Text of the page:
Academic Supervisors

Research students

The University expects teaching staff to engage in the supervision of students to ensure that students’ overall progress and personal development is properly supported. 

The Taught Student Supervisor Resource provides advice and guidance on different aspects of holding a supervision meeting, just click on the links below.

Holding sessions

Signposting.

Helping with problems.

Planning for employability.

 

The importance of Supervisors

Students who connect with their supervisor feel part of a learning community. Research results from the National Student Survey (NSS) and the Open University, show good quality supervision has a significant impact on the student experience and helps retain students and increase their satisfaction levels. Such quality supervision in turn contributes to the reputation of the University and therefore our ability to attract and recruit the brightest and best students.

In recognition of the importance of the supervisory role, the University’s academic promotion criteria require:

  • effective academic supervision and good support for students’ independent projects as evidenced from feedback;
  • effective pastoral supervision through advice and guidance to support students' personal development and well-being and also development of skills that underpin success in and beyond their work at University.‌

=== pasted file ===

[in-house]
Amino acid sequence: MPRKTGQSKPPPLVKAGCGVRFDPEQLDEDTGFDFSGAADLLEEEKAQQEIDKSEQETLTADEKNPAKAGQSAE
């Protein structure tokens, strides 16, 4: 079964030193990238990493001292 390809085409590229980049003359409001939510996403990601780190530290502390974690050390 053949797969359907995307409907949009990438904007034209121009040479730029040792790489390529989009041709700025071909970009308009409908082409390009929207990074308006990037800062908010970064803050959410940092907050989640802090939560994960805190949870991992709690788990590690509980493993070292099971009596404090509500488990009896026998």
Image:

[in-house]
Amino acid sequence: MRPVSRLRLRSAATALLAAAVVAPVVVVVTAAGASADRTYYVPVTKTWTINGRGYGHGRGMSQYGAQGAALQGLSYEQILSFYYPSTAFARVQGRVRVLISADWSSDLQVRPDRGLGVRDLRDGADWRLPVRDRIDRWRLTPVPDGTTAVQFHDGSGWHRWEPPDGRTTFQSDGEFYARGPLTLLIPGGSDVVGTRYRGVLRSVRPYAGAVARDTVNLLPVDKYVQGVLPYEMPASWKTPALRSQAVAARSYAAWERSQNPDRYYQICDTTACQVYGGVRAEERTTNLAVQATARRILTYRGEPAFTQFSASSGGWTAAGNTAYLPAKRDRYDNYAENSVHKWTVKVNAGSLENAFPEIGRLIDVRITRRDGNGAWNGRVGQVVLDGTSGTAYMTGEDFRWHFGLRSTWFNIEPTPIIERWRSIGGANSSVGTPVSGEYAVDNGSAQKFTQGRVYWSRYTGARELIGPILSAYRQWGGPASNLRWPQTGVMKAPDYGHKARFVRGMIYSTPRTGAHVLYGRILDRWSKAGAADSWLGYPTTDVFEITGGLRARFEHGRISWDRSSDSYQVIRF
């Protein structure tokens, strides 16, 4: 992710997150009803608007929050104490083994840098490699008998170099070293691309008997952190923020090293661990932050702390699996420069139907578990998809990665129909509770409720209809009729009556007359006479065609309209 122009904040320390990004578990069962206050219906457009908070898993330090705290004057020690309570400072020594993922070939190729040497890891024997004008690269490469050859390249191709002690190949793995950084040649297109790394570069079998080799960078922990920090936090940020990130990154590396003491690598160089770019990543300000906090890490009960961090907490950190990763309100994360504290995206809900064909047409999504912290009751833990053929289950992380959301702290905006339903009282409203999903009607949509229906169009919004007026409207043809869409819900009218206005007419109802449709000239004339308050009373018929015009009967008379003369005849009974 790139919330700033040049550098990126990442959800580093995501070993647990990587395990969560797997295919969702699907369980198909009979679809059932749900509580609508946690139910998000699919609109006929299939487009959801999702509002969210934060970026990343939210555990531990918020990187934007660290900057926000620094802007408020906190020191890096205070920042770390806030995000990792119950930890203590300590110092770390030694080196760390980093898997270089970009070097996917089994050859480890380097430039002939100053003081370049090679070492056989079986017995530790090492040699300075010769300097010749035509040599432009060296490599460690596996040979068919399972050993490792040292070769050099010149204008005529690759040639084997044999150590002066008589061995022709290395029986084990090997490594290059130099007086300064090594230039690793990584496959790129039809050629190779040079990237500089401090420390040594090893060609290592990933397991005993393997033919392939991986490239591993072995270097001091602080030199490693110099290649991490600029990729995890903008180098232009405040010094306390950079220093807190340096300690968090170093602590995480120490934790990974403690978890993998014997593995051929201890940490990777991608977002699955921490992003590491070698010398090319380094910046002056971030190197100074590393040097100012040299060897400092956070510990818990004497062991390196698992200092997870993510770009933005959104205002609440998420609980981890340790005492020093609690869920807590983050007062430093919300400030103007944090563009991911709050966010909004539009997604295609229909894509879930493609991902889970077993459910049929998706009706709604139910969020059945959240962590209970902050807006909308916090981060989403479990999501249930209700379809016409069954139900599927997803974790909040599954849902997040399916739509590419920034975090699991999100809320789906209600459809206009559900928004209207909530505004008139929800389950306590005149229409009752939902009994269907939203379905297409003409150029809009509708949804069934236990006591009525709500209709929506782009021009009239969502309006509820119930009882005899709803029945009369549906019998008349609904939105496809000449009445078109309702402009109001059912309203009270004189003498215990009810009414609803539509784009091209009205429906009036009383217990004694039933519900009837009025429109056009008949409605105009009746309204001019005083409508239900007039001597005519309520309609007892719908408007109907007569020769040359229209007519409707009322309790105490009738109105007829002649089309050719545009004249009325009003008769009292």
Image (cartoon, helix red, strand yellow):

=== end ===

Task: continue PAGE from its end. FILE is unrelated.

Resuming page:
Download the poster

Download the supervisor poster.

Supervisor poster (PDF , 126kb)

 

Help for your role

“The role of Supervisor to Undergraduate and Postgraduate students is essential to their experiencing exemplary teaching and learning as part of our supportive academic community.

This resource provides Undergraduate and Postgraduate Taught Supervisors information and guidance on key areas of your role so you can be confident in fulfilling both your pastoral role as well as overseeing your supervisees’ academic progress, personal and skills development.

This is not a role to be carried out in isolation; the University support services are there to support and assist you in your work with students. I hope you find it useful in fulfilling this important function.”

- John Robinson, Pro-Vice-Chancellor for Teaching, Learning and Information

Related policy and guidance